When I joined our firm, it was a midsize firm. I was the twenty-third lawyer. In those days, it wasn't departmentalized and you did a little bit of everything. I started doing corporate work because the firm had a great deal of corporate work then and they gave me responsibility early on. By the time I was an associate there for two years, I was carrying substantial responsibility. I enjoyed the work. I enjoyed the partners with whom I was working. And so it was just natural that I became specialized on the corporate side of the firm and I never regretted it. I've worked from time to time over the years with litigators on various matters, both tender offer defense work and special board committee work, where we worked as teams. But, basically, during my career, it was specializing in corporate work.
What were your early years in practice like and how does it compare to the practice for young lawyers today?
The research, for one thing, was much more grueling. Document preparation was in the dark ages. Then, you typed with carbon paper. There wasn't such a thing as computers in those days - the way younger lawyers regularly use computers today. As for communication, there was no such thing as e-mail or the Internet. It's just a completely different world. In research and communication, there are so many more things that are available to you now electronically that there weren't then. So I think, in many ways, it's easier to practice as a young lawyer in terms of the tools you have available to help you that you didn't have in those days.
Why has law firm diversity been an important mission for you?
When I came into the practice, things were starting to change. I am of the Jewish faith and law firms were just opening themselves up to people of the Jewish religion at that time. I was the first at our firm in many years. And it was important to me to see that there was a diversity viewpoint in the firm. There were no women lawyers in those days. As matter of fact, there were very few women in law school - I think there may have been three women law students in my law school class. I'd had a strong desire for diversity, going back to the days when I was a teenager in high school and was involved in a community group that made it an effort to see that people of different races and religions were together and got to know each other. During World War II, the leader of the group made an effort to include Japanese Americans. So I carried that experience with me and always looked to build bridges to different types of people. It's been particularly fulfilling and satisfying to see our firm develop into a very diverse firm in the best sense.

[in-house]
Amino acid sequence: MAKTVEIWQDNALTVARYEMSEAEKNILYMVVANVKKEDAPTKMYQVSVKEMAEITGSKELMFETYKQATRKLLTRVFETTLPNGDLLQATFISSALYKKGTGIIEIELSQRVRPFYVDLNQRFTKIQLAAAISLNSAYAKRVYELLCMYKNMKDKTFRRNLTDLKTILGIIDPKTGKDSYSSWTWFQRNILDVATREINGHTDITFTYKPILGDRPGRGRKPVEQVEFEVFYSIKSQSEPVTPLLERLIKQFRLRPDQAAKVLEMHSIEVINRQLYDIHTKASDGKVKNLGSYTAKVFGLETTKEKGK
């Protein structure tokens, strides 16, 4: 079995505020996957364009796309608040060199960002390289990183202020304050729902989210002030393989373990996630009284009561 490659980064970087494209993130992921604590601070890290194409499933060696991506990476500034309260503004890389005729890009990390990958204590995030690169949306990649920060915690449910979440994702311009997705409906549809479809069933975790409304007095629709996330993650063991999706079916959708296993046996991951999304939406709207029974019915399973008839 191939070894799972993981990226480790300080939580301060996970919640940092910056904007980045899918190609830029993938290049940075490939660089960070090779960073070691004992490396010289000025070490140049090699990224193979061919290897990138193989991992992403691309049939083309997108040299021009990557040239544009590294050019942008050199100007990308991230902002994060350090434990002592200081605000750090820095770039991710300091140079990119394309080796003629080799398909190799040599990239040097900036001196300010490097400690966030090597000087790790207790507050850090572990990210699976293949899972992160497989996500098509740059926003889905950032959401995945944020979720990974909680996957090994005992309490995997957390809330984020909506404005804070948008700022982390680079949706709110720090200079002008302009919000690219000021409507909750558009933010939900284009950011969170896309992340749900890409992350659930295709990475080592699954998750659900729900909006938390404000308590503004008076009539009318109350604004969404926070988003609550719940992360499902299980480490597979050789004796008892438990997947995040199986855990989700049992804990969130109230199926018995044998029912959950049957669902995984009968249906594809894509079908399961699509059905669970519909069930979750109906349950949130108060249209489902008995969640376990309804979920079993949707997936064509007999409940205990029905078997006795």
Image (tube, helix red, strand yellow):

Describe what it was like to serve as a general counsel for the firm of which you were a partner.
A firm our size has a thousand lawyers in a number of different offices, including overseas offices, and is a very large institution with lots of issues. One of the things that sets law firms apart when you're acting as counsel to the firm is the fact that they are professional institutions. So professional ethics are one of the things that you're often dealing with, not just conflicts of interest, but the variety of professional ethics issues, like unauthorized practice of law and the partnership agreement. Traditionally in our firm I have been responsible for many years for interpreting and amending the partnership agreement. It's a fairly complicated document now. There are also issues of structure of the various firm entities in the various offices overseas. It's an interesting and challenging task. It's been a very satisfying thing to do after I retired as an active partner to be able to continue to do this and have the firm feel that I could still be useful.
What has been the most fulfilling moment in your work so far?